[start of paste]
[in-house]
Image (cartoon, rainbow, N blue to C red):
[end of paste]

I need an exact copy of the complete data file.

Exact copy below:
[in-house]
Image (cartoon, rainbow, N blue to C red):